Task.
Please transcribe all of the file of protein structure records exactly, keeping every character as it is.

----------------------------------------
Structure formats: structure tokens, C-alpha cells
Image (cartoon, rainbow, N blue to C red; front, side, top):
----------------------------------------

Structure formats: structure tokens, C-alpha cells
Image (cartoon, rainbow, N blue to C red; front, side, top):